Berlin Schoeneberg

If you’ve followed my Facebook Page or my Instagram feed, you’ve probably seen these already and noticed that I’ve been away. I’ve had the awesome opportunity to travel to Berlin and spend much needed time with family and friends. Needless to say, there were endless photo opportunities every which way I’ve turned. I’d like to share some of those that resonated with me the most, this being the city I grew up in.

Schoeneberg is waking up.

Lucky for me, I was staying in a central part of town, in the district of Schoeneberg in former West Berlin. A great headquarters for venturing in all directions and well connected by bus, subway and S-Bahn.

Subway station.


Growing up in the city, the public transit main arteries are so ingrained in me that I had no trouble zipping across town and finding my way.

Gum dispenser in the neighbourhood. Good to know these are still around. A beer bottle on top would’ve been more authentic though.

I’ve taken the time to walk lots though just to make sure I get to see everything.

David Bowie Memorial Plaque in Berlin
David Bowie Memorial Plaque on Hauptstrasse 155

I definitely had to revisit the house where David Bowie used to live in his Berlin days – a place I used to pass often in the 90s when my favourite bar was on the corner. Last time I was here, the memorial plaque had been vandalized and I was disappointed. Now it’s back and someone sprayed a cool Aladdin Sane image below it. Yeah for me!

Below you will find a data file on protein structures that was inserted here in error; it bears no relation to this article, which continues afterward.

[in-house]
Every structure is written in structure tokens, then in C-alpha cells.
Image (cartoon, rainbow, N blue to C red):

Just a little flower shop in the neighbourhood.

If I were to live in Berlin, Schoeneberg would be a wonderful place to be.

Rathaus Schoeneberg is always somewhere in the background.

At the district City Hall of Schoneberg, J.F. Kennedy held his famous “Ich bin ein Berliner” speech. My mom and my grandparents were there. And no, he didn’t say ‘I am a jelly donut.” Also, still not a laughing matter for Berliners. This was serious, important and the support very much appreciated.

Stolpersteine reminding us of Jewish citizens who used to live here.

As in many cities in Germany, there are markers in place, reminding us of Jewish citizens who were killed between 1933-1945. These particularly struck me, as a Jewish family decided to not endure what was ahead of them but opted for suicide with their three young daughters. I am glad that I noticed it and got to think of them. There are several books available, taking us on neighbourhood walks and telling these stories for us. I believe there is an English edition as well.

Mail being delivered.

So, just a few more random impressions from the neighbourhood around Bayerischer Platz and Rathaus Schoeneberg.

Beautification of electricity boxes on the sidewalk.
The Round Building.
An evening walk home.

I’ll leave it at this for now – even though I have lots more to share. I may just have to write another little blog post soon!


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